'This Week' Transcript: Democratic Leader Nancy Pelosi

But the week's perhaps most revealing moment came from President Obama himself. And here's ABC's senior political correspondent Jon Karl with "This Week in Politics."

(BEGIN VIDEOTAPE)

KARL (voice-over): In 2008, it was all about hope and change. What two words will define Obama 2012?

OBAMA: I haven't quite boiled it down to a bumper sticker yet, our vision for the future. That's three words, four.

STEPHANOPOULOS: That's five, actually.

KARL: Math aside, this week it almost sounded like hope and change are being replaced by grim and grimmer. First, the grim, words you've never heard from an incumbent president.

STEPHANOPOULOS: There are so many people who simply don't think they're better off than they were four years ago.

OBAMA: Right.

STEPHANOPOULOS: How do you convince them that they are?

OBAMA: Well, I don't think they're better off than they were four years ago.

KARL: And then the grimmer.

BIDEN: A significant majority of the American people believe that the country is not moving in the right direction. That is never a good place to be going into a re-election.

KARL: No wonder those Occupy Wall Street protests are starting to look like a national movement, from New York and Washington, D.C., to Salt Lake City and beyond.

To Republicans, it's not another Tea Party movement.

CANTOR: I, for one, am increasingly concerned about the growing mobs occupying Wall Street and the other cities across the country.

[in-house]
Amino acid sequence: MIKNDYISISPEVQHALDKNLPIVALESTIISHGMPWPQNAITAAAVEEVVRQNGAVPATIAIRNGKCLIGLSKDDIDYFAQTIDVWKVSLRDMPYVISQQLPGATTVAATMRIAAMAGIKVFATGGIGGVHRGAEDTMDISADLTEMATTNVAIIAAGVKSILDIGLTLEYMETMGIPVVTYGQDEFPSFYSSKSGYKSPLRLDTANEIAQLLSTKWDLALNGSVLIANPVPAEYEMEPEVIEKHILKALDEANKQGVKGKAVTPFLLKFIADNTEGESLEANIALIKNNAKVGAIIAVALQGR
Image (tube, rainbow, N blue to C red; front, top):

KARL: Mitt Romney called the Occupy Wall Street protests "dangerous," even "class warfare," but he's got bigger things to worry about.

ROMNEY: I'm just trying to get -- get myself to occupy the White House.

KARL: And, protesters, Herman Cain's got some advice for you.

CAIN: Don't blame Wall Street. Don't blame the big banks. If you don't have a job, and you're not rich, blame yourself.

KARL: This week was the last gasp of the non-candidates.

CHRISTIE: Now is not my time. New Jersey, whether you like it or not, you're stuck with me.

KARL: Sarah Palin opted out, too, but didn't get as much attention, not that she cares.

PALIN: I wanted to, you know, just kind of put the marker down and say, no, I'm not running, not have a big press conference about it, not make a big, darn deal about it, because this isn't about me.

KARL: Romney's pollster suggested this week he is playing political Whack-A-Mole. Every time one big rival falls, another pops up, bam, bam, bam, bam. The latest to pop up, Herman Cain.

Trending this week, Cain up. One poll has him tied for first. A best-seller, too. Obama down, now the underdog. Just ask him.

OBAMA: I don't mind. I'm used to being an underdog.

KARL: Perry up, in cash, anyway, $17 million in just 49 days. But also, down, fourth place in the Values Summit straw poll. Ron Paul up. He won that straw poll, and won it big.

Hank Williams, Jr., down. He compares the president to Hitler; now he's taking his song and his rowdy friends out of here.

For "This Week in Politics," I'm Jonathan Karl.

(END VIDEOTAPE)

AMANPOUR: Let's bring in our roundtable now, George Will, Democratic strategist Donna Brazile, former Reagan speechwriter and Wall Street Journal columnist Peggy Noonan, and George W. Bush's former chief strategist, Matthew Dowd.

George, is President Obama going to rue the day he said that comment -- he made that comment about not being better off than four years ago?

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